U.S. detects new activity at North Korea factory that built ballistic missiles

A satellite image shows the Sanumdong missile production site in North Korea on July 29

U.S. spy satellites have detected renewed activity at the North Korean factory that produced the country’s first intercontinental ballistic missiles capable of reaching the United States, a senior U.S. official said on Monday, in the midst of talks to compel Pyongyang to give up its nuclear arms.

Photos and infrared imaging indicate vehicles moving in and out of the facility at Sanumdong, but do not show how advanced any missile construction might be, the official told Reuters on condition of anonymity because the intelligence is classified.

The Washington Post reported on Monday that North Korea appeared to be building one or two new liquid-fueled intercontinental ballistic missiles at the large research facility on the outskirts of Pyongyang, citing unidentified officials familiar with intelligence reporting.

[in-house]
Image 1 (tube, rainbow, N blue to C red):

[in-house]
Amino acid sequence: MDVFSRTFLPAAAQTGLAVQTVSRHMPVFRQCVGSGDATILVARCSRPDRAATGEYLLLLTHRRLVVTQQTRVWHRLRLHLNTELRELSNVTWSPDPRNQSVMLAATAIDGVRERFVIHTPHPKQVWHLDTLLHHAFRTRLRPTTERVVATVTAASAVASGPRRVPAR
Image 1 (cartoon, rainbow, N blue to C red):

U.S. Secretary of State Mike Pompeo told the U.S. Senate Foreign Relations Committee last week that North Korea was continuing to produce fuel for nuclear bombs despite its pledge to denuclearize. But he insisted the Trump administration was still making progress in its talks with Pyongyang.

 

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